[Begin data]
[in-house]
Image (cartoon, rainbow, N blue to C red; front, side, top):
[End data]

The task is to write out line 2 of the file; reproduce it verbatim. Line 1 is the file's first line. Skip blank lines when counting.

Image (cartoon, rainbow, N blue to C red; front, side, top):